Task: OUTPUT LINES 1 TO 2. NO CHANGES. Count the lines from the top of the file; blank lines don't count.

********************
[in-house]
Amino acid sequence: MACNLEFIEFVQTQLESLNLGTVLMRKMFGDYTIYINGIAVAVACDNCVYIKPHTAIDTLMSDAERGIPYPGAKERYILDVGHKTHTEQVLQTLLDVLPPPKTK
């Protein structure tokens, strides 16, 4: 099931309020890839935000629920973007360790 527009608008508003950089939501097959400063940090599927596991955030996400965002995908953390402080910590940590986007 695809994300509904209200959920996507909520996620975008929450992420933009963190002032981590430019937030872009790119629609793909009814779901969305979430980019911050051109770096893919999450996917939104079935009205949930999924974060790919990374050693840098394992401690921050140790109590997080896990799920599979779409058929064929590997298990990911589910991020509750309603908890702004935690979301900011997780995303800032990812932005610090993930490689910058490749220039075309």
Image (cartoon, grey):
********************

[in-house]
Amino acid sequence: MACNLEFIEFVQTQLESLNLGTVLMRKMFGDYTIYINGIAVAVACDNCVYIKPHTAIDTLMSDAERGIPYPGAKERYILDVGHKTHTEQVLQTLLDVLPPPKTK